As February draws to a close, it comes with the realisation that we are rapidly approaching the business end of the season. We have seven league games left to play and a National Cup quarter-final to contest. These are the times of the season that make the freezing cold training sessions throughout winter seem worthwhile.
This month saw us play just one game - a 36-24 victory at home to Newcastle Emlyn - and I don't think it's a game many in the squad will look back on with much fondness. We fell short of what we expect from each other as a squad. Rustiness may have played a part in our performance, but we were left in no doubt by the coaching staff and senior players that the performance wasn't good enough for a Pontypool team.
Looking at the positives, it was a bonus point victory and we never take those for granted. We must also give credit to Newcastle Emlyn. They are currently fighting a relegation battle and performed extremely well in that second-half, pushing us all the way.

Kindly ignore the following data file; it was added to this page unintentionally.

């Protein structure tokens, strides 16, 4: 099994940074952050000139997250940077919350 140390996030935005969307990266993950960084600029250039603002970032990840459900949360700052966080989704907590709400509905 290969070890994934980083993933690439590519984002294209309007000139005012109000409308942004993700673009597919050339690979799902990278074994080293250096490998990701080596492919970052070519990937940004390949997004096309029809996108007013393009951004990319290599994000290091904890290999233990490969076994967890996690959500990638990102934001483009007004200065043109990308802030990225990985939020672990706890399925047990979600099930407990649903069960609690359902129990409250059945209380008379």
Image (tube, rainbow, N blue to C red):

This weekend, we return to action with a tricky away game against Maesteg Harlequins. The promoted side have lost just twice at home this season and have won three of their last four games, so we will have to hit the ground running at South Parade.
I will hopefully be involved on Saturday. I'm extremely critical of my own performances and would say my form has been nothing more than OK so far this season. Over the last couple of months I have been spending more time in the gym and Leighton recognises that a rest, be it from matches or training, can help bring the best out of you as an older player. This will all hopefully mean I start to hit top form between now and the end of the season.
From the middle of March onwards, the games will come thick and fast and I know the boys in the squad can't wait to get stuck in. I have been here since the summer of 2017 and am desperate to help take this club back to the top table of club rugby in Wales. Nothing is guaranteed in life, but I know the squad will all be pulling in the same direction between now and May.
Like everyone else in Wales this weekend, I was glued to the TV watching Wales defeat England in the Six Nations. Moving forward, it would be great to see the success of the national side boost interest in club rugby across the country. The semi-professional and amateur game does have its differences to the professional game, but it's a brilliant product in its own right and would only thrive with more active support.